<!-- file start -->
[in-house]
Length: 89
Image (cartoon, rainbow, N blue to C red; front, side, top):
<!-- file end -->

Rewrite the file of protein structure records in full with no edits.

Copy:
[in-house]
Length: 89
Image (cartoon, rainbow, N blue to C red; front, side, top):